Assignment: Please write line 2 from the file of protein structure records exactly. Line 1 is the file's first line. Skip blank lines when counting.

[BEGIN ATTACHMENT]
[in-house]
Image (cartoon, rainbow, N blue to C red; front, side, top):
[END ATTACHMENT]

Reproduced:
Image (cartoon, rainbow, N blue to C red; front, side, top):